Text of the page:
When: Monday, December 11, 11:00 AM
Where: 2001 Winward Way, Suite 103, San Mateo, CA 94404
Get expert advice on how to prevent falls in your home.
Presentation by Sarah Eggen-Thornhill, OTR/L
from the Fall Prevention Coalition of San Mateo County
Hosted by Center for Independence of Individuals with Disabilities
COUNTY OF SAN MATEO DEPARTMENT OF HOUSING
We invite anyone living or working within San Mateo County to join us.
The County of San Mateo is making a new plan for its federal housing resources. We need your help to identify the most pressing housing and community needs to prioritize limited federal funding for the next five years.
When: DEC. 14 THURS 7-8:30PM
Where: (PACIFICA COMMUNITY CENTER) 540 Crespi Dr, Pacifica, CA 94044
REFRESHMENTS WILL BE PROVIDED
Please contact us with any questions or requests for assistance at Department of Housing (650) 802-5050
Have you always wanted to learn sign language? The San Francisco Recreation Department is offering "Exploring ASL," a one-session introductory course to learn about American Sign Language and Deaf Culture. The course is only $6!
and search for Exploring ASL to see a list of upcoming class dates and register.
Location: 2001 Winward Way, Suite 103, San Mateo, CA. 94404
Time: 2:00 PM To 4:30 PM
Date: Jan. 24th 2018 to Feb. 28th 2018
Workshops are for anyone dealing with the challenges of living with an ongoing health condition like diabetes, asthma, heart disease or high blood pressure.
BETTER CHOICES, BETTER HEALTH is a self-management program offered for 6 weeks by 2 Trained leaders from you community.
Learn about: Stress Management, dealing with pain & fatigue, weight management, decision making, and so much more!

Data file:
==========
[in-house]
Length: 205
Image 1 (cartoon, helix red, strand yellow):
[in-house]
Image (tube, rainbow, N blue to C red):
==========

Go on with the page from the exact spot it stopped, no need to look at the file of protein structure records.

Workshops are fun, interactive and designed to enhance regular treatment and condition-specific education.
In Partnership with HEALTH TRUST , CID is hosting this event!
To Register or for more information call: 1-408-961-9877 or E-mail: firstname.lastname@example.org. SPACE IS LIMITED!
San Mateo County is currently experiencing and will continue to experience drift smoke from the fires from our north. Changes in wind and stability of the atmosphere will vary the amounts of smoke as they change. The Bay Area Air Quality Management District has issued smoke and health advisories for the region. Please visit their website at http://www.baaqmd.gov for further information and air quality updates.
Today Governor Brown signed AB 291 into law, which will protect undocumented tenants (and communities perceived to be undocumented) from harassment and retaliation.
This is important legislation at a time when citizenship status is used as a means to displace current residents. A report by the Legal Aid Society of San Mateo County, Community Legal Services in East Palo Alto (CLSEPA) and the Anti-Eviction Mapping Project found that Latino women with children were the highest risk for eviction in the county. Displacement affects all of us, but communities of color are disproportionately targeted.